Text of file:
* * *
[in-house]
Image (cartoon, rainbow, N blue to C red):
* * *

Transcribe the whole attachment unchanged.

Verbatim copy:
[in-house]
Image (cartoon, rainbow, N blue to C red):